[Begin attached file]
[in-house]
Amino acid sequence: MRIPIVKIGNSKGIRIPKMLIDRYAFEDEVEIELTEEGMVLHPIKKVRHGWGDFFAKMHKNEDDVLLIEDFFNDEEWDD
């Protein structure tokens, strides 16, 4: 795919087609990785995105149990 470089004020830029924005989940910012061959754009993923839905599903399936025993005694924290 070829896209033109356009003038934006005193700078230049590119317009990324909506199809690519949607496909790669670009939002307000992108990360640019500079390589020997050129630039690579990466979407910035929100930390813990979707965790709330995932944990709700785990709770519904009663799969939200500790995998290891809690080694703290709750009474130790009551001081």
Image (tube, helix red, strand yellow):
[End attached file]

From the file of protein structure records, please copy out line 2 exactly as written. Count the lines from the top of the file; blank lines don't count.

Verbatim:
Amino acid sequence: MRIPIVKIGNSKGIRIPKMLIDRYAFEDEVEIELTEEGMVLHPIKKVRHGWGDFFAKMHKNEDDVLLIEDFFNDEEWDD